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Alison Hargreaves, Education and Regulation…


20 years ago today, mountaineering lost one of its greats.  Alison Hargreaves had summited Mt. Everest unaided and without oxygen, and was hoping to repeat this huge achievement on both K2 and Kanchenjunga.  During the evening of 13th August 1995, a violent storm hit the summit of K2, killing Hargreaves and five others.  Though never formally identified, she lies there to this day, buried under snow and ice.  A few items of equipment were found, but nothing more.  It is a tragic story, which has caused controversy to this day.  That, however is for someone else to discuss…

Alison and I grew up close to each other and attended the same comprehensive school at Belper in Derbyshire.  It was here that many pupils received what could be called an unusual education.  School uniform was usually Doc Martin boots, jeans and t-shirts, we had a farm and were expected to address all staff on 1st name terms.  This was a heck of a shock for a boy who had just come from an ex grammar school..!  Besides the usual subjects of Mathematics, English, Physics and the like, we spent one morning a week doing Outdoor Pursuits (OP).  Sessions such as abseiling, ariel runway, canoeing, caving, climbing and sailing were given by members of staff.  At the time I detested climbing (as I’ve always had a dreadful fear of heights), but I found ariel runway (now referred to as a zip wire) hilarious..!  Regularly we were thrown down a cable in an abandoned quarry near Coxbench, screaming with joy as we hurtled towards the ground.  I paddled in circles canoeing and struggled potholing, but I excelled at sailing.  Ogston Reservoir was regularly covered in three-man wooden boats, which whizzed across the waters (usually out of control).  If you capsized the teacher would plod over in the safety boat and ask if you were ok.  I’m not saying the water was cold, but you struggled to reply as your lungs were fighting for oxygen and adrenaline was hurtling around your system.  Unless you were in dire need of help, it was your job to rite the boat and get sailing again.  At times OP was scary, cold and painful, but it was also comedic, challenging and has provided some of my most enduring memories from Belper High School.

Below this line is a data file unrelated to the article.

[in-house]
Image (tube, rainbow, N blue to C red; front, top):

That was the 1980’s. On 22nd March 1993 the tragedy at Lyme Bay cost four youngsters their lives and overnight outdoor education changed.  New regulations were enforced and all the OP lessons ceased.  It was at a similar time education seemed to move away from a more rounded experience to one possessed with targets.  One of the most dangerous things ever invented seemed to take over life. It wasn’t a police state, rioting or strikes, but the dreaded tick box.  The modern computer age accelerated the desire to fill in tick sheets, which measured performance.  It wasn’t just education.  I know a number of companies which seem more driven by tick box targets (and pleasing the regulatory body) than they are at running a rewarding business for both their customers and employees.  I realise that regulation and monitoring are required, but on too many occasions have I seen people raked with fear upon the announcement that the regulator is coming.  I’ve seen schoolteachers physically and mentally shaking when OFSTEAD visit.  If all we are concerned about is pleasing others, what kind of life are we leading..?

Modern life brings many demands – some financial and some due to employment.  The global financial crisis of 2007-8  forced many families into difficult situations.  I find many businesses more restrictive than ever regarding time off, so when a parent chooses to take a child on holiday during term time, the penalties can be harsh.  We must education our children well, that is obvious, but some flexibility seems to me, appropriate.  The press is rife with stories of prosecution because of short breaks.  I’m not saying parents should be granted free rein by any means, but teachers can throw a strike as and when they like, which disrupts a child’s education.  Knives cut both ways…

Thankfully organisations such as the Duke of Edinburgh Award Scheme and the Paul Hamlyn Foundation have done much to promote education in the outdoors and many centres concentrate on working with children.  The experiences they enjoy can enhance more than just their education. It’s not just the 3 R’s that we need to learn.  Life is about so much more than paper and tick sheets, regulators and league tables.  No one on this planet is the same, so why do we expect them to all do the same..?

Some think outdoor education as just a bit of fun and nothing else, but isn’t that the idea..?  We learn so much better and faster through play and enjoyment than we ever will through exams.  We need to have our hands on to learn, rather than watching someone else.  Today is ‘A’ Level results day.  I hope everyone receives the grades they worked hard for and deserve, but this is not the end of their education, it is not even the beginning of the end, but it is perhaps the end of the beginning.

At Belper we regularly charged Van De Graff Generators, and electrocuted each other, mixed every chemical we had together at the end of a lesson in the hope something would happen (it never did), made alcohol and who knows what else, but it was the experiences in OP that turned me into a mountaineer.  Though we need to educate our youngsters mentally, shouldn’t we teach creativity, experimentation and adventure..?  Only those subjects allow us to think, question and act.

I wonder what Alison would have to say…

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